New Delhi: A news piece published by the Times of India‘s Jaipur edition criticizing Modi government’s Pradhan Mantri Fasal Bima Yojana on September 14, 2017 was taken down from the newspaper’s website within hours of publishing.
The story by Rosamma Thomas reported how the scheme, which was hailed as a “safety shield” for farmers, has turned out to be just another way of the government taking Rajasthan’s hapless farmers for a ride.
Launched in 2016, Modi government’s scheme has so far largely benefitted the insurance companies, which, thanks to high premiums and unpaid claims, logged profits of nearly Rs 10,000 crore till April, according to the office of the Comptroller and Auditor general (CAG) and the non-government Centre for Science and Environment (CSE).
“The deduction was made without warning. The bank had no clue about what I had sown. Moreover, Rs 1,718 has been deducted as “inspection charges” though no one came for inspection. To top it [all], the premium has been deducted when the crops were safe and beyond the risk period. My crop was uninsured for 80% of the crop cycle, when the risk was at the highest. The premium has now been deducted for the full period,” a farmer who cultivates cotton and guar in equal halves in his 15-bigha farm told TOI. In July 31 this year, Rs 7,827 was deducted from his SBI account as premium for crop insurance.
“We were not happy with the introduction in the story,” claimed Kunal Majumder, TOI‘s resident editor for Jaipur, even though the story was published in his edition and would have been added to the Jaipur bureau’s list of stories that form part of the ‘Times News Network’ (TNN) with his approval. When asked if TOI will carry a clarification or a correction, Majumder said, “This isn’t a normal procedure. We have sent a revised copy to Delhi. Waiting for them to approve it.”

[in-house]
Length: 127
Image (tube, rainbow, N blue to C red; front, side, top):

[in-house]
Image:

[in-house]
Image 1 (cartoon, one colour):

Asked to clarify what he meant by “sent revised copy to Delhi”, he said that they were waiting for Ranjan Roy, who heads TNN, to approve the new draft.
When contacted, Roy claimed that he was unaware of any such incident and that “the TOI website had a life of its own”, implying that the decision to take down the story was taken by the online editors.
TOI.in, whose editor Prasad Sanyal quit a few months ago, is currently headed by Times Internet Limited’s Rajesh Kalra. Under his direction, staffers say, the website – India’s largest news portal – has become especially accommodating towards advisories and releases from the Prime Minister’s Office and the government’s Press and Information Bureau.
Since Kalra took over TOI.in in 2014, the website’s editors have been unofficially asked to play up positive stories about the government. Former and current employees, who wished to remain anonymous, recalled multiple instances when they were asked to ‘drop stories critical of the government from the homepage, section landing pages and social media’. On some occasions requests were also made to the SEO team to ‘deindex’ stories so that they don’t show up in Google search.
“We were often provided data sourced from government to write positive stories, which were later promoted on the website,” said a former employee. Asked why the crop insurance story had been taken down, Kalra too declined to comment.
(Source: The Wire)